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The Fire This Time
Racism’s Overeager Eulogists

At the end of his autobiography of life as a slave, Frederick Douglass warns of the kind of founding duplicities in American life that he sees enduring beyond his emancipation: “The clanking of fetters and the rattling of chains in the prison, and the pious psalm and solemn prayer in the church, may be heard at the same time.” Bigger Thomas, the anti-hero of Richard Wright’s “Native Son,” is so submerged in “that ocean of boiling hate” for a society that “made him conscious of every square inch of skin on his black body” that killing the young, rich, white daughter of his employer evolves from an accident into his first expression of freedom: an emancipating murder that turns the table on his skin’s captivity.

James Baldwin—the young Baldwin of the 1960s who railed at America’s failed promise of social justice—demolished “Native Son.” He despised the monstrosity of Bigger for making black life seem “as debased and impoverished as our theology claims,” which presumes that the only way out is to be more white. Baldwin wanted more blackness. Racial pride and solidarity, from Spike Lee’s “X” to what Shelby Steele snidely called “the age of white guilt,” peaked in the 1990s, before the 2001 terrorist attacks made Arabs and immigrants the culture’s default whipping bits.

 

Then there was this exchange on CNN on election night as it was becoming apparent that Barack Obama would win the presidency. “Does anyone know,” Anderson Cooper asked his panel of a dozen analysts and partisans, “what this means in terms of change of racial relations in the United States or a perception of it?” Bill Bennett, the born-again reactionary (he was once a Democrat), immediately jumped in: “Well, I’ll tell you one thing it means, as a former secretary of education. You don’t take any excuses anymore from anybody who says the deck is stacked, I can’t do anything. . . .”

So that’s it? Throw out your Douglass, your Wright, your Baldwin and the rest of them and consider the battle won? Thankfully, David Gergen, CNN’s cool-headed oracle, tempered Bennett’s clanking of fiestas: “We need a little more information now about how the white vote breaks out before we, you know, break out the champagne on this question,” Gergen said. As it turned out, a majority of whites (57 percent) did not vote for Obama. But Bennett had been waiting to exhale his brackish epiphany for a while. The finality of his judgment, even before the evening’s numbers were tallied, spoke of an eagerness for the kind of consolation verdict that might appeal to those blanching at the results: Race is no longer an issue when even a black citizen can grow up to be president, so don’t bother us with it anymore.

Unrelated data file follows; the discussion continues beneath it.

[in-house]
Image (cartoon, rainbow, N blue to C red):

The verdict is preposterous, given the numbers. The reasoning even more so. Assume that 57 percent of whites, or even 77 percent, had voted Obama. Race would still not unbecome its problematic self, especially when 95 percent of black voters, some surely reveling in the entirely justifiable joys of payback, opted for Obama. It’s not about math. It’s about prevailing attitudes. Racism, an invention of majorities that plows its mirror image in the minorities it lords over, may be considered on its way to bankruptcy when the notion of minorities becomes irrelevant—when there are no such conceits as majorities and minorities anymore. That day is a long way off.

That’s not to diminish the triumph of opportunity in Obama’s election. But that’s why there’s probably never been a better time to engage matters of race as a national discussion and examine how high those decks are stacked—not just against blacks, but wherever equal opportunity is more slogan than reality. It’s also why Douglass, Wright, Baldwin, Toni Morrison and all other great voices of black literature are more relevant than ever—not because they’re black, but because they should have always been read as writers of the American experience (if not the universal human experience), not as writers of the ironically segregated “black experience.” Maybe now they will, and by some of the very people who held their noses and voted for Obama, if Bennett’s argument doesn’t seduce them first. It should rather shame them.

Imagine if CNN were covering the creation of Israel in 1948 and Anderson Cooper’s preening preview asked what this meant for anti-Semitism. Would Bennett have been so eager to suggest that Jews could pack up their fears and Holocaust histories and move on among the families of nations? Bennett would have been 5 at the time, so stupidity of the sort would have been excusable. But on election night he was 65, old enough to have lived through America’s harrowing 1960s. Conservatives have been hoping to disown that decade since. This is the time to welcome it home as American history’s native son.

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